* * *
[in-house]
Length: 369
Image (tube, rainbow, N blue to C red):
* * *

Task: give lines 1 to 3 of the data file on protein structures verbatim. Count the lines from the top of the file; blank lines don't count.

[in-house]
Length: 369
Image (tube, rainbow, N blue to C red):